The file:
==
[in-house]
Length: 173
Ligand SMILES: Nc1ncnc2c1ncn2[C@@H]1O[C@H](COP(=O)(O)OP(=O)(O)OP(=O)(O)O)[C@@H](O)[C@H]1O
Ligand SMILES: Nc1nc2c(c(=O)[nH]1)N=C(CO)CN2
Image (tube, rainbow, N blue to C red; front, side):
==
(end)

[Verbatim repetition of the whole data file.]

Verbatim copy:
[in-house]
Length: 173
Ligand SMILES: Nc1ncnc2c1ncn2[C@@H]1O[C@H](COP(=O)(O)OP(=O)(O)OP(=O)(O)O)[C@@H](O)[C@H]1O
Ligand SMILES: Nc1nc2c(c(=O)[nH]1)N=C(CO)CN2
Image (tube, rainbow, N blue to C red; front, side):